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Clinical Trials Phases

Discuss about the Safe Administration of Medications for Morbidity and Mortality.

Medication-related errors are some of the significant causes of morbidity and mortality. Therapeutic Goods Administration(TGA) manages the developments on medication and determent of medication errors. This report would be a short examination of the questions in the area of medicine.

Clinical trials usually take four stages (Cingi & Muluk, 2016). In phase I, practitioners study the maximum dose that a human can handle. It also examines the extent of the toxicity of the drug. Besides, Griffin (2009) says that phase 1 examines the pharmacokinetics of the drug, pharmacodynamics, and its safety. Phase II trials assess the drug's efficacy, its therapeutic dose limit, length of treatment, and the accurate dosage with least side effects. In Muluk (2016), this phase occurs once the drug gets its first-time use.

In phase III trials, (Cingi & Muluk, 2016) states that practitioners evaluate real results in diverse patients. Phase III correlates new medications with the regular medicines. This correlation intends to test the new drug's long-term safety and tolerability. Phase IV is the last phase of the trials. Phase iv comes after the drug's approval for sale and consumption (Cingi & Muluk, 2016). These tests strive to deal with any further accounts of adverse reactions. They also aim to study drug's effect on morbidity of mortality (Cingi & Muluk, 2016).

The Therapeutic Goods Administration (TGA) administers Therapeutic Goods Act (1989). This Act regulates all therapeutic goods used, produced or imported to Australia. TGA manages this role by monitoring the quality, safety, efficacy and timely availability.

b) Describe TWO (2) ways medications are regulated by the TGA for use in Australia (4 marks)

There are two main avenues of TGA's medical regulations. One is Clinical Trial Notification (CTN) Scheme. Forrester and Griffiths (2011) states CTN requires the sponsor to the trial proposal to the Human Research Ethics Committee (HREC). The HREC examines the proposal's trial design, efficacy, safety, and the ethical position the medicines (Forrester & Griffiths, 2011). The second one is the Clinical Trial Exemption (CTX) scheme (Forrester & Griffiths, 2011). In this one, the sponsor presents the clinical trial proposal to the TGA for evaluation.

The main difference is that in CTN, HREC examines the trial proposal and signs the reviewed trial proposal. In CTX, HREC is only responsible for the consideration of the scientific and ethical position of the trial

Therapeutic Goods Administration

Pharmacokinetics is adopted from two Greek words. These are pharmacon which means drug, and kinesis which means motion (Halter, 2017). Therefore, pharmacokinetics is the examination of the drug absorption, distribution, and elimination from the body (Halter, 2017). In particular, it involves looking at the time that the body takes to metabolize the drug in different body tissues. For instance, Halter (2017) states that toxicokinetics as one principle found in pharmacokinetics. This principle studies the drug clearance process in the body. It looks at the entire process of excretion.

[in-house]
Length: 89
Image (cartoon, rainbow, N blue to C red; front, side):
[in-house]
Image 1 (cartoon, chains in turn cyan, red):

On the other hand, pharmacodynamics is the study of biochemical, physiological, and molecular consequences of the drug on the body (Halter, 2017). Pharmacodynamics correlate the drug concentration on the site position and the and the degree of the effects created by the drug (Halter, 2017). In short, pharmacodynamics deals actions of the drug on the body while Pharmacodynamics deals with the body's response to the drug.

The first-pass effect is a process by which the liver metabolizes the drugs before they pass into the circulation. Robertson (2017) states that after swallowing the drug, the digestive system of the body absorbs it through the alimentary canal. From there, the drug enters the hepatic portal system and where it the portal vein picks it and takes it to the liver before it reaches the other organs of the body (Robertson, 2017).

In the liver, the drugs come into contact with the hepatic enzymes. These enzymes one being hepatic enzyme metabolize the drug to the extent of reducing its active amount (Robertson, 2017). After the reduction, the remaining small amount emerges from the liver to the bloodstream. However, this first pass action that happens in the liver significantly decreases the bioavailability of the medicine (Robertson, 2017). One of the medications that suffer first pass effects is nitroglycerin. When a patient takes this drug orally, it undergoes the first pass process which makes it inactive. When administered sublingually, it bypasses the liver and enters the superior vena cava nitroglycerin.

The work of (Dev, Mundke, Pawar, & Mohanty (2016) states that when glyceryl trinitrate is taken sublingual, it is absorbed via the buccal mucosa and enters the bloodstream. However, when taken orally, it suffers the extensive first-pass effect.

(b) List TWO(2) specific areas of education you should deliver to the patient that only relate to the medication Glyceryl Trinitrate (2 marks)

The two specific areas of education are adverse interactions and tolerance.

Pharmacokinetics and Pharmacodynamics